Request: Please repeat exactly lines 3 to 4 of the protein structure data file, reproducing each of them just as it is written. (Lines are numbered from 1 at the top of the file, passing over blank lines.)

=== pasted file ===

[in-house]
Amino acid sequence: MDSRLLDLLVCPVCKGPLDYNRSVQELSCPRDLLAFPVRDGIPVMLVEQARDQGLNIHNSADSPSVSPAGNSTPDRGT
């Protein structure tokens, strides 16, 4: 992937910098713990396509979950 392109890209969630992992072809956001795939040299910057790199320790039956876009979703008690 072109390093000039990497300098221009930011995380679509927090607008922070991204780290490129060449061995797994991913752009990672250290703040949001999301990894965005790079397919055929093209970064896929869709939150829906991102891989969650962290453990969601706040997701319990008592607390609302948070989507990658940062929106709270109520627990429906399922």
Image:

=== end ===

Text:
């Protein structure tokens, strides 16, 4: 992937910098713990396509979950 392109890209969630992992072809956001795939040299910057790199320790039956876009979703008690 072109390093000039990497300098221009930011995380679509927090607008922070991204780290490129060449061995797994991913752009990672250290703040949001999301990894965005790079397919055929093209970064896929869709939150829906991102891989969650962290453990969601706040997701319990008592607390609302948070989507990658940062929106709270109520627990429906399922």
Image: